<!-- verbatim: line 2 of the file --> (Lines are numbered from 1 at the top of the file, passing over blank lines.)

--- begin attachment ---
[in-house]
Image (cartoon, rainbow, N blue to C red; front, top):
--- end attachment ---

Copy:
Image (cartoon, rainbow, N blue to C red; front, top):